Posted by russell (188.8.131.52) on October 28, 2000 at 00:50:12:
In Reply to: Re: vegetarianism posted by Sergio on October 27, 2000 at 13:17:59:
First, I say all of this with respect for your freewill and without judgement, although I know it may sound like I do. I am doing my best, and I am trying to help others move towards Buddhahood.
I did not say one is a better Buddhist for being a vegetarian. The issue is that eating meat is an attachment and causes harm. In light of the facts that I presented in my first posting, can anyone truly say that they believe that eating meat is good for anyone or anything? The meat industry is clearly doing great harm. There is no reason to take part in the destruction that eating meat causes, so why do it? The only reason that I can think of is that I am still attached to eating meat, which I do believe is in accord with the precepts. If you can think of a reason to eat meat that is based upon the precepts or the eightfold path (and not just what others have done (look to the Dharma not imperpect beings)) then eat it. Otherwise, you have already vowed not to. Our world is different than Gautama's and if he lived today I can't believe he would think we should help perpetuate the meat industry.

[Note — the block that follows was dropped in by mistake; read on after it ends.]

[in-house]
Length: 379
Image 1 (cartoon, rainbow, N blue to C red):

The discussions I usually see on vegetarianism state that vegetables are alive,insects are killed, etc., which is all true. But does that mean that we should not minimize the suffering and damage to the best of our ability? It is not an either/or issue, it is a matter of degree. It is like saying, "I can't stop all of the killing so I can't stop any of the killing". Not eating meat is taking a step towards greater compassion and it also serves as an example to others that can help foster compassion in them. And just having positive thoughts while you eat the meat is not addressing the issue, it just makes you feel better. Would it make it okay to murder a man if you were thinking positive thoughts? It is important to be thankful and cognizant, but it is essential to take action also. Buddhist practice is about action after all. And by the way, organic farmers do not use pesticides and Gautama ate poison mushrooms not bad pork, a misconception resulting from a poor translation.
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